Any of this sound like you? Using bots to automate processes brings many benefits. They improve the quality of provider data, lower administrative costs and help to gain operational efficiencies around the processes they are programmed to perform. They are scalable and flexible and improve data security because fewer people “touch” the data. Perhaps the biggest benefit is the time that RPA frees employees to work on higher value tasks and projects to drive improved business results by ensuring claims are paid accurately and on-time.

In many industries, technology has been advancing more slowly than the COVID-19 pandemic is demanding. For example, while the delivery of healthcare itself continually advances, both providers’ and payers’ back offices tend to be rather low tech. Their systems are antiquated, and their processes tend to be cumbersome. The pandemic has amplified this reality, as newly remote workers in the health insurance industry have struggled to keep up for want of ready access to the fax machines, multiple-display setups and other outdated tools they typically use in the traditional office setting. Better usage of OCR and deeper, more widespread adoption of RPA will help insurers and a broad swath of other industries enjoy the many benefits of present-day technology and prepare them for the new normal post-COVID-19, which will include much more remote work than required in pre-pandemic times.

This article was originally published in Mass Market Retailers.

The post Putting Automation Technology to Work to Improve Operational Efficiency appeared first on AArete US.

Provider Data Management Needs an Update

Better PDM could ease administrative burdens on doctors and hospitals — and help everyone save money.

As payers and providers work together to face the financial storm created by the coronavirus pandemic, they are operating in an environment with little room for increases in provider rates or health insurance premiums.

One step payers and providers can take to make things better is to reduce the administrative costs that result from inaccurate and late claim payments, by improving provider data management (PDM). Too often, payers have incorrect or incomplete information about a provider, or no information at all.

New technology can help solve this problem, and increase the speed and accuracy of the payment process.

For providers, that can mean reduced administrative burdens, improved satisfaction, and an offset for some of the financial impact of COVID-19.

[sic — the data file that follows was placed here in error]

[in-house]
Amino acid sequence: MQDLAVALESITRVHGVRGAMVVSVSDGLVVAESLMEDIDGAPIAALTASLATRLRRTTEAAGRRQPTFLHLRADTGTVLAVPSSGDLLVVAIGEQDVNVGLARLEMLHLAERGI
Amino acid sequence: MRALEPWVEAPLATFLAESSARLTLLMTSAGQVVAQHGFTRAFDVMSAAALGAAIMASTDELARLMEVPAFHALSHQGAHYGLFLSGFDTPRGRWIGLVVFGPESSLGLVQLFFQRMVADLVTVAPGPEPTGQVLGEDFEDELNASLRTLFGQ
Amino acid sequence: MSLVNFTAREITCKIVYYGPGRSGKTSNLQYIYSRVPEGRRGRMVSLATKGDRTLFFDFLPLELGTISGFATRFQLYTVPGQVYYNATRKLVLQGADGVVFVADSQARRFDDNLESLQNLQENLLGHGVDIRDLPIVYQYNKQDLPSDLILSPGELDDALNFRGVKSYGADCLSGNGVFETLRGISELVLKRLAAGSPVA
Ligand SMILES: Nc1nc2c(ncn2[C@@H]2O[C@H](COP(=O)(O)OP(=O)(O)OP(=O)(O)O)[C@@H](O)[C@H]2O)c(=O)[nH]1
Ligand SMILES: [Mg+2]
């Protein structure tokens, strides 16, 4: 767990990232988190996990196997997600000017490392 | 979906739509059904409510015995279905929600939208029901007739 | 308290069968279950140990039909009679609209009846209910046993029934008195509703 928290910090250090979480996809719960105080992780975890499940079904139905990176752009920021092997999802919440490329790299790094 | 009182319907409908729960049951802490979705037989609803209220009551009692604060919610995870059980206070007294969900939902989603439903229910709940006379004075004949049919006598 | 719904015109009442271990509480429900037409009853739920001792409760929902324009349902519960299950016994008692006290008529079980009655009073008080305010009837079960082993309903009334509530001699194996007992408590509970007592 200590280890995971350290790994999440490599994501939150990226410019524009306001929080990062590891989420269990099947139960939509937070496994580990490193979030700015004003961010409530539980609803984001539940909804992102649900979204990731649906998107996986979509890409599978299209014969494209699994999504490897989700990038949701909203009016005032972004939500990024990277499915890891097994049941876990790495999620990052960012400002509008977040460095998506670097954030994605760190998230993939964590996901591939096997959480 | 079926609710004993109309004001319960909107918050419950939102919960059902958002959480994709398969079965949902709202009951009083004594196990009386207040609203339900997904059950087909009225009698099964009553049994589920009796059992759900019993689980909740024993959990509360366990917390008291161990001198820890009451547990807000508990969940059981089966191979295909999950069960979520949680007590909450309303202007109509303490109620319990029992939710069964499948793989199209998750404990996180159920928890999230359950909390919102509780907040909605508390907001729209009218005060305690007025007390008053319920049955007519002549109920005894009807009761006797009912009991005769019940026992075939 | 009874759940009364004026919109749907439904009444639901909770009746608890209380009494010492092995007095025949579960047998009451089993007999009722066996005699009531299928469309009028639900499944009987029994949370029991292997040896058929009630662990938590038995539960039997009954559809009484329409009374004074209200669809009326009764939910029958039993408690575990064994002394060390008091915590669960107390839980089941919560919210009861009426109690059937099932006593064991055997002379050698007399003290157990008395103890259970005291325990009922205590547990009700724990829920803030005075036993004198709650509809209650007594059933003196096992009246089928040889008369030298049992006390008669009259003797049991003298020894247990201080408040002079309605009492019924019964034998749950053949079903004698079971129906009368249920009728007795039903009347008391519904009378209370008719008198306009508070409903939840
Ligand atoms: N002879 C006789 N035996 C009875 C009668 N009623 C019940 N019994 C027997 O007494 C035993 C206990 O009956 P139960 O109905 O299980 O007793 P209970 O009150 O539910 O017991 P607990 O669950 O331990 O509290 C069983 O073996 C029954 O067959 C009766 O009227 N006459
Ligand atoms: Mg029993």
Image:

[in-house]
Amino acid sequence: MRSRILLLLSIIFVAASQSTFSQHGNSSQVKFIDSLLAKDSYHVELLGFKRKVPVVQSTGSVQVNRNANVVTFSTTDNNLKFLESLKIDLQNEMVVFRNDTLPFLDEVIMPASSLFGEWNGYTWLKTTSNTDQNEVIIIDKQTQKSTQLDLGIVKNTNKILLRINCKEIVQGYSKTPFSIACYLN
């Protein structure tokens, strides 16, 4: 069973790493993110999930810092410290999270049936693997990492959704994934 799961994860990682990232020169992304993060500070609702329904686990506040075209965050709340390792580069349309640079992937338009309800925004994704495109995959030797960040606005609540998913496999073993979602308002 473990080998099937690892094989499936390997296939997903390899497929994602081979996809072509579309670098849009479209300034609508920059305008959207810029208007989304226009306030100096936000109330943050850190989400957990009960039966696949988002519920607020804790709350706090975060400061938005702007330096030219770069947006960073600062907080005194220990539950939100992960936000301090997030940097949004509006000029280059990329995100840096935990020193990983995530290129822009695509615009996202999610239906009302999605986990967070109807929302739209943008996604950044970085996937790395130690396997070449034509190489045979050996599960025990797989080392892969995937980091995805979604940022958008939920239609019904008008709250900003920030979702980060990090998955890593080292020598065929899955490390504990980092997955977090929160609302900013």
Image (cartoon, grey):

For agents and brokers, PDM technology matters, because anything that reduces providers’ administrative burdens can help improve the quality of care while helping to hold down increases in spending.

Why Focus on Provider Data Management?

A hospital system and a payer may have millions in disputed claim denials. These disputes affect one in every 10 claims. For the hospital system, resolving the concerns leads to high administrative expenditures .

Opaque payment policies, changes in authorization requirements, and updated benefits are commonly perceived drivers of denials. However, the payer’s management of provider data is increasingly driving payment errors, especially with the mergers, acquisitions and growth of physician groups, delegated physician entities and independent physician associations.

One of our colleagues, Erica Nelson, a director in AArete’s healthcare payer practice, has described the  problem this way:, “The rapidity of changes affecting physician groups has had an astronomical impact upon payers and their ability to pay claims timely and accurately. As a result, payer/provider relationships can be unnecessarily strained due to increased volumes of pended claims, late payments, appeals, post-pay adjustments, and sanctions.”

One solution is provider data management automation.

How PDM Works Now

PDM consists of the information, processes and systems required to manage the provider network. Payers use provider data to communicate network participation to health plan members, validate credentialing, and configure adjudication systems to reimburse providers based upon contracted rates. The resulting provider data is housed across many different, separate systems, and the data formats in these systems — including the PDM, adjudication, provider directory, contract repository, and credentialing systems — are often inconsistent.

Gaps or errors in provider information are sometimes identified quickly. Other problems may go undetected over long periods of time. A physician might be missing from a roster. A practitioner may be inadvertently overlooked by the credentialing department. An NPI may not be aligned with other providers practicing under the same taxpayer identification number and in the same network. One provider may have duplicate entries with different participation and contract identifiers.

Often, denials gradually accrue until the accumulated impact eventually sounds an alarm. Ultimately, gaps or errors in provider data create significant downstream risks that impact the members’ ability to access care, expose the payer to a significant increase in costs, and cause provider abrasion.

Providers and payers face the following provider data challenges:

Accuracy of provider data: Only about half of all provider data is accurate.Elongated timeframes: Changes take too long to implement resulting in significant backlogs.Provider dissatisfaction: Strained relationships between payer and provider partners.Member abrasion: Surprise billing, member complaints and member churn.Increased costs: Sanctions, member refunds, interest, penalties, and high labor/administrative costs.